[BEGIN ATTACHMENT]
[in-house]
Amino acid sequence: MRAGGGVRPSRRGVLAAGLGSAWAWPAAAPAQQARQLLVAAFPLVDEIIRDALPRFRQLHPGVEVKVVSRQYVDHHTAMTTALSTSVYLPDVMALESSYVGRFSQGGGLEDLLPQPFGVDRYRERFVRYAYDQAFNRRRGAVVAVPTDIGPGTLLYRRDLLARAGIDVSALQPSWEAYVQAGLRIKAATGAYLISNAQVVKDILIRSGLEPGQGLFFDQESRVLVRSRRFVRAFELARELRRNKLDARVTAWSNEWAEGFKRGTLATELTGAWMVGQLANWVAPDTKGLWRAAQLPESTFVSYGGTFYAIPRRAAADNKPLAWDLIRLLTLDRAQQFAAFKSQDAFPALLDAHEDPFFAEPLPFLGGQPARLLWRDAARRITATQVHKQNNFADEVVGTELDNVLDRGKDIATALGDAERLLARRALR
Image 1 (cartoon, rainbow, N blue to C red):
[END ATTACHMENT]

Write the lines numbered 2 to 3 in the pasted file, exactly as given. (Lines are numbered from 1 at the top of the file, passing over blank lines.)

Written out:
Amino acid sequence: MRAGGGVRPSRRGVLAAGLGSAWAWPAAAPAQQARQLLVAAFPLVDEIIRDALPRFRQLHPGVEVKVVSRQYVDHHTAMTTALSTSVYLPDVMALESSYVGRFSQGGGLEDLLPQPFGVDRYRERFVRYAYDQAFNRRRGAVVAVPTDIGPGTLLYRRDLLARAGIDVSALQPSWEAYVQAGLRIKAATGAYLISNAQVVKDILIRSGLEPGQGLFFDQESRVLVRSRRFVRAFELARELRRNKLDARVTAWSNEWAEGFKRGTLATELTGAWMVGQLANWVAPDTKGLWRAAQLPESTFVSYGGTFYAIPRRAAADNKPLAWDLIRLLTLDRAQQFAAFKSQDAFPALLDAHEDPFFAEPLPFLGGQPARLLWRDAARRITATQVHKQNNFADEVVGTELDNVLDRGKDIATALGDAERLLARRALR
Image 1 (cartoon, rainbow, N blue to C red):